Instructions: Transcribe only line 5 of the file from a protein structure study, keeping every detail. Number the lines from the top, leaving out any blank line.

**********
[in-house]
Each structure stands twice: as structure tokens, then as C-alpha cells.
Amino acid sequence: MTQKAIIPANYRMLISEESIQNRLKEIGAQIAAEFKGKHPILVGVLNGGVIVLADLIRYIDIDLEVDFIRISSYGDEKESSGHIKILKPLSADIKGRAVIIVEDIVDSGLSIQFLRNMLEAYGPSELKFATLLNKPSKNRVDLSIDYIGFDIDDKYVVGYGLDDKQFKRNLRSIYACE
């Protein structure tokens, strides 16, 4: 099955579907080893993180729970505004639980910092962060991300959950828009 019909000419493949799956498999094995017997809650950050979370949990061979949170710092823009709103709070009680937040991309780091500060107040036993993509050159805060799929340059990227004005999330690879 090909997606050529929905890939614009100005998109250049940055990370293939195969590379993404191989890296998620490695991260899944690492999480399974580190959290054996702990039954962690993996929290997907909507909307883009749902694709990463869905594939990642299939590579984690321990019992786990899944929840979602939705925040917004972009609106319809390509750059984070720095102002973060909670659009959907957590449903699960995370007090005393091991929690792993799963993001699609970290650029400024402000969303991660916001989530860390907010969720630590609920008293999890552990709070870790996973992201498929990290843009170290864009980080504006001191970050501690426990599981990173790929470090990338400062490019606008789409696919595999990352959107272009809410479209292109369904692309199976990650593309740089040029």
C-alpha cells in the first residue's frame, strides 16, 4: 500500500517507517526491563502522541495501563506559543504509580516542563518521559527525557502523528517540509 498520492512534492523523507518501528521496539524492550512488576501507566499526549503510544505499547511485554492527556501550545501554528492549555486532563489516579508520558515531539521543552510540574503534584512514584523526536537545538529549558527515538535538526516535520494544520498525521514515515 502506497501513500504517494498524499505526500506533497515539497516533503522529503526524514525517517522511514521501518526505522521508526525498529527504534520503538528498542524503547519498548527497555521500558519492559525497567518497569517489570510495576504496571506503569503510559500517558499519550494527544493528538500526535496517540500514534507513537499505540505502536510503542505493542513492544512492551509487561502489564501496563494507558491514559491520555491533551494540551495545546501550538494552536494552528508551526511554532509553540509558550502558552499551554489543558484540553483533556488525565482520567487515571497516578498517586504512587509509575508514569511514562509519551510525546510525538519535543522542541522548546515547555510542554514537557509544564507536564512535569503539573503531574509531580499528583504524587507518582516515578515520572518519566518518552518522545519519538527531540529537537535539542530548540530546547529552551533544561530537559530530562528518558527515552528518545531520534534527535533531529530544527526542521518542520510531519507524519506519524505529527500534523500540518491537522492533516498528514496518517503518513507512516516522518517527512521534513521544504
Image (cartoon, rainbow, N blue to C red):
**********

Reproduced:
C-alpha cells in the first residue's frame, strides 16, 4: 500500500517507517526491563502522541495501563506559543504509580516542563518521559527525557502523528517540509 498520492512534492523523507518501528521496539524492550512488576501507566499526549503510544505499547511485554492527556501550545501554528492549555486532563489516579508520558515531539521543552510540574503534584512514584523526536537545538529549558527515538535538526516535520494544520498525521514515515 502506497501513500504517494498524499505526500506533497515539497516533503522529503526524514525517517522511514521501518526505522521508526525498529527504534520503538528498542524503547519498548527497555521500558519492559525497567518497569517489570510495576504496571506503569503510559500517558499519550494527544493528538500526535496517540500514534507513537499505540505502536510503542505493542513492544512492551509487561502489564501496563494507558491514559491520555491533551494540551495545546501550538494552536494552528508551526511554532509553540509558550502558552499551554489543558484540553483533556488525565482520567487515571497516578498517586504512587509509575508514569511514562509519551510525546510525538519535543522542541522548546515547555510542554514537557509544564507536564512535569503539573503531574509531580499528583504524587507518582516515578515520572518519566518518552518522545519519538527531540529537537535539542530548540530546547529552551533544561530537559530530562528518558527515552528518545531520534534527535533531529530544527526542521518542520510531519507524519506519524505529527500534523500540518491537522492533516498528514496518517503518513507512516516522518517527512521534513521544504